Strategies to prevent surgery-induced cognitive decline
Read about a research project we funded into: Pleiotrophic Strategies to Prevent Surgery-Induced Cognitive Decline in Normal and Vulnerable Aged Brain.
Lead Investigator: Dr Helena Watts
Institution: Imperial College London
Grant type: Research Fellowship
Duration: Three years
Why did we fund this project?
Comments from members of our Research Network:
'I like this research. It seems to be practical and acheivable. It would potentially benefit many patients with or without dementia.'
'This is a vital topic and I fully support the proposal.'
'Important to gain further understanding of POCD to develop these protective strategies. Using existing drugs is a plus.'
What do we already know?
Often, when people undergo surgery that uses general anaesthesia, there is a temporary period (lasting up to a few days) when their normal thinking is affected.
This can include symptoms such as delirium, and problems with memory recall and concentration. This can last for more than a few days however, and it is then called postoperative cognitive dysfunction (POCD).
In older people, the development of POCD predicts the development of dementia 3-5 years after surgery.
However, up until now it has not been clear about the type of anaesthetic (local or general) or the duration that someone is under the anaesthetic that is the greatest predictor of POCD.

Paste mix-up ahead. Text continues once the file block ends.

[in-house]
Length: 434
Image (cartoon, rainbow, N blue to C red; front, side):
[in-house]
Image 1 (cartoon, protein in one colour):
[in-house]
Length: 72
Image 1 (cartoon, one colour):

What does this project involve?
This project will compare different mouse models of diseases to test the effects of three different drugs on the symptoms of Alzheimer's disease.
The first part of the study will investigate whether surgery is more likely to result in changes to the blood vessels – often a precursor to the development of Alzheimer's disease – in older mice than younger.
The second part of the study will replicate the effects of stressed cells seen in diabetes, by feeding mice a high-sugar diet prior to surgery, and seeing if this has an effect on the symptoms of POCD seen after surgery.
Symptoms of POCD will be measured using a variety of tasks that test different forms of memory.
The final study will test three different drugs to assess whether they are effective at reducing the changes seen in POCD. These drugs will be tested on cells grown in the lab, which will be studied for changes in their function and changes to the proteins that they produce.
How will this benefit people with dementia?
This research will contribute to our understanding of the causes of POCD, the conditions that may put people at higher risk, and potential treatments that could be used to prevent its occurrence.
Many surgeries in older people are necessary and improve quality of life, so reducing the potential side-effects of this will be incredibly beneficial, as well as reducing the number of people who develop dementia.